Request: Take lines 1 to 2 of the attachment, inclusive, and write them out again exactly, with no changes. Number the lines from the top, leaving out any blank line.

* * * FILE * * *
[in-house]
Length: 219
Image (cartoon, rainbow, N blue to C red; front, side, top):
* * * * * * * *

[in-house]
Length: 219